Kirstie Ennis is used to facing challenges head-on —and her latest has her baring all on a cover of ESPN Magazine‘s Body Issue.
The Veteran Marine — who survived a helicopter crash in Afghanistan in 2012 that resulted in severe injuries and required more than 40 surgeries — had her left leg amputated above the knee at the end of 2015.
“I was intimidated at first,” Ennis admits of the prospect of stripping down for ESPN. But the thought of making a difference for other people going through similar struggles convinced her to say yes.
“I really thought about it and thought about the demographic and the people that would see it and I really realized that it wasn’t about me anymore,” she says. “Any man, woman, or child facing some sort of adversity has a potential to be inspired by these pictures and seeing somebody who only has been missing their leg for a few years go out and do things that she wasn’t doing with two legs.”
And though she says the first moment was the most nerve-wracking, she felt at ease by the end of the process.
“The hardest part was just dropping the robe,” she says. “At a certain point, it’s like, ‘Realistically, this is pretty badass. I don’t know of anybody else in the world that has ever climbed at Joshua Tree with no clothes on.’ “
Badass is an accurate description of Ennis, whose pursuits post-amputation are impressive. While her above-the-knee amputation came as a shock and slowed her recovery process, she didn’t let it stop her.
“That truly flipped my whole world upside down,” she says. “I didn’t think that I’d ever go back to snowboarding, I damn sure didn’t think I’d be climbing mountains or rock climbing. But I figured it out.”
Ennis is now one of the top Paralympic snowboarders in the world, and is looking forward to (hopefully) competing in PyeongChang next year. She’s also a mountain climber: She took on Kilimanjaro in March, Carstensz in a few weeks, and after that, Everest. Denali is on her schedule for the fall.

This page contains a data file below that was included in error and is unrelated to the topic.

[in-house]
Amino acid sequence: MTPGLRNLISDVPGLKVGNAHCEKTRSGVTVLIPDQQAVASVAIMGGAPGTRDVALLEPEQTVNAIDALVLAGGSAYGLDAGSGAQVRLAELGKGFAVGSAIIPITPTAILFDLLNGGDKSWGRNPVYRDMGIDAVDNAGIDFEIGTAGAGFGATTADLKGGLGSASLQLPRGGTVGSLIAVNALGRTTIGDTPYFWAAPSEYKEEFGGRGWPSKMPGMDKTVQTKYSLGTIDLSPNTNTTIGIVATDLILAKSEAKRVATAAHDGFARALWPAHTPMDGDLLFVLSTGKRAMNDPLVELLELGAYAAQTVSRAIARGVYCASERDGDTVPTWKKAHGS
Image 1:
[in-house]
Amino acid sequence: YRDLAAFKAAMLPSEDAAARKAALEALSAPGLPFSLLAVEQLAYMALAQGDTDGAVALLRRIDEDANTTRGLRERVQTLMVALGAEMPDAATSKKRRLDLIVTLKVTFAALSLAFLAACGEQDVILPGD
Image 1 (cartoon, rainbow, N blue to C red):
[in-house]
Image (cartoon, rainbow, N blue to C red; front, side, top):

Despite these incredible accomplishments, Ennis’s recovery battle continues: Last November, she had to go back into the operating room to have two more inches of her leg removed.
“Curveball after curveball,” she says. “I’ve been blessed with a pretty strong body and I went right back into training as soon as they cleared me to get back up on two feet.”
Her injuries present not only physical hurdles, but mental ones, too. This is where the MVP Foundation — headed up by sports commentator and coach Jay Glazer — comes in. The program supports retired NFL players and combat veterans in their transitions to a life outside of professional sports and the armed forces. The group meets weekly, and after a 30-minute workout session, they all sit down for a “fireside chat” and talk about the importance of living.
“I said, ‘Show of hands, if this group wasn’t here, if we didn’t have this team, how many people in this room probably wouldn’t be alive right now?’ ” Glazer tells PEOPLE of a recent meeting. “And we had about 40 people raise their hands, including Kirstie.”
He says: “It’s just giving them a message of, ‘Different is good. Don’t be afraid to be different. You don’t need to blend in with the rest of society.’ Be proud of every battle scar you have, inside and out, wear that proudly.”
And even in a room of inspiring people who have overcome so much, Glazer says that Ennis stands out.
“She is one of the biggest game-changers of a person you’ll ever come across in your whole life,” Glazer says.
Ennis has inspired countless people, including Prince Harry, who she met at a Walking With the Wounded event in 2015. Following the event, Harry called Ennis his “hero,” and she went on to compete at the 2016 Invictus Games. Ennis won’t be competing in this year’s Invictus Games in Toronto, but hopes to participate in next year’s event, in Sydney, Australia.
“He is a good man with a big heart,” she says of Harry. “He’s definitely his mother’s child.”
Her personal accomplishments mean a lot to Ennis, but nothing has a more of an impact than helping others. She recalls one moment in particular when she was able to inspire a young girl who also wears a prosthetic.
“I like to think I’m pretty tough but kids will bring me to my knees pretty quick,” she says. “There was a little girl at the prosthetics office who had never seen another girl with a prosthetic, let alone a grown-up. She was going into her first day of second grade. And she was just so in awe of me, calling me a princess. I still stay in touch with all of them. Her dad got ahold of me and he’s like, ‘You’ll never know what you just did for my daughter just by being there with her and walking with her.’”